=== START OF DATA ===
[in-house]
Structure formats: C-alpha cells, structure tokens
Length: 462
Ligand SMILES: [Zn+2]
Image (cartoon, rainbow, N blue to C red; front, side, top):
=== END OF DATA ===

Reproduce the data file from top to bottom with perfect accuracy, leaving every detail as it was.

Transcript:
[in-house]
Structure formats: C-alpha cells, structure tokens
Length: 462
Ligand SMILES: [Zn+2]
Image (cartoon, rainbow, N blue to C red; front, side, top):